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Kitchen Basics: How to Cut an Onion


Because onions are used in so many recipes, knowing how to properly dice them will save you time and motivate you to get in the kitchen more often.

I know, I know. You’re likely thinking, “I already know how to cut an onion!” And while you may be right, what you might not realize is that the method that most of us use to cut an onion leaves our diced pieces in uneven sizes and shapes. This will affect cook time, texture and even flavor. So maybe we should call this “How to dice an onion” instead. Better? Excellent.

Unfortunately, I’m not here to explain to you the miracle that will prevent the tears from shedding during your next onion-cutting mission (though there are many tips and tricks to avoid the tears). What I am here to do is make your life a whole lot easier with a different technique. What many of us call “dicing” is really just chopping the large onion chunks into smaller bits and calling it a day. At long last, you will happily know just what your recipe means when it says “diced”. Uniformity is incredibly important to get an even cook time resulting in an all around better flavor.

Remember that old habits can die hard. You may find that the first few times you try this technique it will slow you down a tiny bit. Don’t give into your old ways! The good news is that before you know it, this method will become second nature and you will have beautifully diced onions prepared in no time. Patience is key. All you’ll need is a sharp knife and cutting board.

Knife & Onion

A sharp knife is an important tool to have in the kitchen.

Ready? Let’s get started!


1.) Cut the onion in half from root to top.

Onion 2

2.) Lay the onion flat side down and cut a small part off of the top. Peel back the first layer to the root. Keep it attached to the root so that you can use it like a handle.

Cut Onion

3.) Cut down through the middle of the onion, from the newly sliced top to just before the root.
Note: If the onion is very large, you may have to do two slices.

Vertical Cuts

4.) Next cut small slits (all the way through) vertically from the top to just before the root.

Diced Onion

5.) Finally, cut in even slits (all the way through) in the opposite direction from the top to root.


6.) Repeat with the other half & admire those beautifully uniform diced pieces.

Ready to put your master dicing skills to work? Check out all of the great recipes at the Nutiva Kitchen.

So what did you think? Was this technique difficult or easy for you? Did you get nice, uniform pieces? What kitchen basics are you interested in learning?  Let us know in the comments.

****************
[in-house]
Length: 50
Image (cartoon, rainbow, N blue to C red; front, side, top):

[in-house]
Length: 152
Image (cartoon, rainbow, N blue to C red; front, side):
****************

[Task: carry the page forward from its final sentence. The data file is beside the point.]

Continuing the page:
1. For a kitchen dummy, these are excellent and thorough guidelines. Excited to try this method. And thanks for the step by step photos! I’m a visual person so that is extremely beneficial.

    • Ana Victoria says:

      So glad to hear it B. Seeing is learning, so we’re glad that the photos helped you out. Let us know how this method works for you!

  2. Great tips! Mismatched sizes pieces of onions always drive me crazy. Loved the photos – great work.

    • Ana Victoria says:

      I hear you Michelle! This method not only gets those lovely uniform pieces but it is also so fast once you get it down. Cooking with onions is a breeze now. Glad you enjoyed the photos, don’t forget to let us know how it turns out for you. Happy cooking!

  3. Mandy McGaugh says:

    This article is making my inner OCD so happy!!! I can’t stand cutting onions all willy-nilly, I’ll be revisiting this article again. Thanks!

    • Ana Victoria says:

      You and I are on the same page Mandy! So glad you enjoy it – let us know how it goes for you. We’ve got more tips on easy ways to cut garlic, round veggies and more coming too, so keep an eye out. :)

  4. I usually dice several onions at a time. I have a bowl of cold water, and keep the onions in it between each step. I do not shed a tear!

    • Ana Victoria says:

      Great tip April! I know many of us would love to save those tears next time we cut an onion. We’ll be sure to add the cold water technique to our next onion dicing endeavor.

  5. Phillip says:

    I first cut mine into slices (6-7), then stack a few slices (3-4) and cut them in half. Then I take each half of the stack and cut at about 20° from the center line (almost parallel), but at one end of the half-circle stack (usually the right) and work my way towards the center and continue on to the opposite end. This isn’t the same as cutting like a pizza, which can leave teeny tiny pieces.

  6. I love the instructions but if it weren’t for the photos I wouldn’t be able to understand what you’re saying.. the wording is confusing to me.

    • Ana Victoria says:

      Thanks for the feedback Mary! Most of us are visual learners, so I’m glad you liked the photos. Let us know how your onions turn out. :)

  7. I’ve never cut an onion using a horizontal cut. I’ll try it out but just using downward cuts has worked for me so far.

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